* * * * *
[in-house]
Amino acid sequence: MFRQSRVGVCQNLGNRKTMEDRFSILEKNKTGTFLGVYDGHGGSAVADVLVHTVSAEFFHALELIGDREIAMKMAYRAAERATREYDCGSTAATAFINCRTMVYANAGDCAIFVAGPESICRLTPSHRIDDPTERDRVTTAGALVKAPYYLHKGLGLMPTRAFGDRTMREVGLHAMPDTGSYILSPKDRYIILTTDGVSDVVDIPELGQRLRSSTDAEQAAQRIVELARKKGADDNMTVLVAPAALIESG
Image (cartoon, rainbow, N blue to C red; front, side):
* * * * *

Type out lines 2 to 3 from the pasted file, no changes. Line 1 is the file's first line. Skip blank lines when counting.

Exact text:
Amino acid sequence: MFRQSRVGVCQNLGNRKTMEDRFSILEKNKTGTFLGVYDGHGGSAVADVLVHTVSAEFFHALELIGDREIAMKMAYRAAERATREYDCGSTAATAFINCRTMVYANAGDCAIFVAGPESICRLTPSHRIDDPTERDRVTTAGALVKAPYYLHKGLGLMPTRAFGDRTMREVGLHAMPDTGSYILSPKDRYIILTTDGVSDVVDIPELGQRLRSSTDAEQAAQRIVELARKKGADDNMTVLVAPAALIESG
Image (cartoon, rainbow, N blue to C red; front, side):